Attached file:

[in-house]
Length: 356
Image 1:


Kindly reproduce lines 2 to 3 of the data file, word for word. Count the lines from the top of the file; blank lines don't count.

Length: 356
Image 1: